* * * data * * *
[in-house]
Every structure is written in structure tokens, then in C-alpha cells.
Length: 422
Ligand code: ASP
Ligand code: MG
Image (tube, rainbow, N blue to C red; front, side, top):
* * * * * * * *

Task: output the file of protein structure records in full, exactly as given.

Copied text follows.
[in-house]
Every structure is written in structure tokens, then in C-alpha cells.
Length: 422
Ligand code: ASP
Ligand code: MG
Image (tube, rainbow, N blue to C red; front, side, top):